13 Replies Latest reply on Sep 10, 2010 11:24 AM by TomB

    Spousal benefit

    bbapp
      I'm married - about 65 and intend to keep working for a while. My husband retired at 62.  I read in AARP about collecting spousal benefits - but am not clear if I can collect the spousal benefits and keep working. Since my benefits will increase quite a bit if I wait until I'm 70 to collect.  I'd stop by a SSN office, but I work in Manhattan, where I don't imagine the wait is 0 minutes.   Has anyone done this? Our plan would be for me to collect the spousal benefits at 66 (they will be less than my benefits would be), I want to keep working until I'm almost 68 (I work at a University and the lowest impact is to retire at the end of a school year). I would bank the benefits to supplement the benefits for the two years and 2 months until I turn 70.  Then I would collect my benefits instead of the spousal benefits.
      Again, has anyone done this or have comments?  I have time to consider all the options, so all suggestions are welcome. Including why the heck would you keep working?
        • Re: Spousal benefit

          I am 67 and still work. My wife retired at age 62 and I filed for spousal benefit on my wifes earnings. My own SS benefits will keep growing until age 70.

          I am now filing for my own benefits to increase my wife's benefits but will then cancell my benefits so that it will continue to grow. My wife will get to keep the increased payment even after I cancell my benefit.

          Not sure if I can then continue to collect on wife's benefits after I cancell my benefit?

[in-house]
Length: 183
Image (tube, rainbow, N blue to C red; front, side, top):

• Re: Spousal benefit
            itinerant1
            I'm divorced, but since I was married long enough to qualify for spousal benefits, when I turned 66 I applied based on my former husband's earnings.  I still work and will continue working for as long as my health allows because I can't afford not to work.  My plan is to continue collecting on my former husband's earnings (I get half, which is only a few dollars less than my full benefit) until I turn 70, when I will change to collecting on my own earnings and maybe switch to working part-time.  It was really difficult digging out the information that collecting this way is possible, but it is worth the hassle.  I can live on my income as long as nothing drastic happens, so I bank all the money I receive from Social Security.  Of course, I have to pay taxes on that money, so I have them take the taxes out before they send me a check.  Hope this information helps.
              • Re: Spousal benefit
                My former husband is 3 years younger than me and I was thinking of doing what you're doing....collecting on his earnings when I turn 62, and then collect on my earnings later. But when I turn 62, he'll only be 59. Do you know if it's based on his age, not mine? Meaning I'll have to wait until I'm 65 to collect on his, because he'll be of retirement age then. SS wasn't clear on that when I called.